The number of unemployed people in the wider region - Philadelphia, surrounding counties in Pennsylvania and New Jersey and parts of Delaware and Maryland - grew by 800 in February to 150,200, while the unemployment rate stayed the same, at 4.8 percent, the U.S. Labor Department reported Wednesday. Breaking it into smaller regions, the number of unemployed people rose by 600 to 30,900 in Camden, Gloucester and Burlington counties, with the rate climbing from 4.7 percent to 4.8 percent.
NEWS
April 7, 2016 | By Jane M. Von Bergen, Staff Writer
Maybe the Democrats are the party of working people, said Richard Trumka, leader of the nation's largest federation, the AFL-CIO. But "look how easy it has been for Donald Trump to tap into the justifiable anger" of Americans living paycheck to paycheck, unable to cover a $500 car repair, he told 700 Pennsylvania labor leaders Tuesday at the Pennsylvania AFL-CIO's convention in Philadelphia. "But we can't be fooled," he added. "Trump isn't interested in solving our problems. " And so it began Tuesday, three weeks from Pennsylvania's primary, as the state's top union leaders exhorted each other - with help from Trumka - to double down on their efforts to elect politicians who "create an economy that works for everybody," he said.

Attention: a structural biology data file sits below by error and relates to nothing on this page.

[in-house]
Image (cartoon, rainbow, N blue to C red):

NEWS
April 5, 2016 | By Jonathan Tamari and Claudia Vargas, STAFF WRITERS
One is a longtime Philadelphia congressman who quit in 2002. Another worked for U.S. Rep. Robert Brady, the city Democratic leader. A third was a powerful state senator from Delaware County until he went to federal prison. Yet years after they left their public jobs, all remain on the taxpayers' tab - as private lobbyists, paid to promote Philadelphia's interests in Washington and Harrisburg. It's a common arrangement for cities, but one that troubles some watchdogs. "They already have taxpayer-funded lobbyists," said Barry Kauffman, head of the good-government group Common Cause's state chapter.
NEWS
April 5, 2016 | By Chris Mondics, Staff Writer